Our session is session 9A Saturday at noon EST in room 3. Last year was a hit, and we moderate well together (it might have something to do with the mind-clearing, crazy workouts we do — go on and scroll down), so I’m looking forward to it. We’re one of the sessions that will be recorded, so you can watch us on your own, or attend one of the Science Online Watch Parties popping up all over the country. Also follow the story at hashtag #scio13ID, and in the diversity carnival that will be hosted here after Science Online.

Kate Clancy About the Author: Dr. Kate Clancy is an Assistant Professor of Anthropology at the University of Illinois. She studies the evolutionary medicine of women’s reproductive physiology, and blogs about her field, the evolution of human behavior and issues for women in science. Find her comment policy here. Follow on Twitter @KateClancy.

The views expressed are those of the author and are not necessarily those of Scientific American.

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  1. 1. scicurious 11:03 am 01/29/2013

    But…this post isn’t about SCIENCE! And by SCIENCE I mean PHYSICS or BIOENGINEERING.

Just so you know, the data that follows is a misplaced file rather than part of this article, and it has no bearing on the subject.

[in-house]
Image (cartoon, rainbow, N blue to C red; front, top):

*sputters with incoherent rage*

    Great points Kate! Really looking forward to a good discussion at Scio!

    Link to this
  2. 2. Anne Jefferson 11:05 am 01/29/2013

    Really looking forward to this session. It’s something I’ve thought a fair bit about, but continue to struggle with. I’m quite interested to hear what others have to say.

    And, yes, we’ve always known that Sci is a superheroine. :)

    Link to this
  3. 3. Kate Clancy in reply to Kate Clancy 2:34 pm 01/29/2013

    Thanks guys! I read this post the other day, and realized it might be a good one to read/think about:

    I’d also like to look into whether there is any online bullying related to race or ethnicity. I’d appreciate any links/stories if anyone has them.

    And then Sci and I have also talked about taking on that sometimes-contentious divide in science writing between scientists and journalists. Mwa ha ha!

    Link to this
  4. 4. Anne Jefferson 5:55 pm 01/29/2013

    I think your session also has the potential to mesh in nicely with the session on using personal narrative to communicate science. ( It’ll be interesting to see what different directions the two sessions take.

    Link to this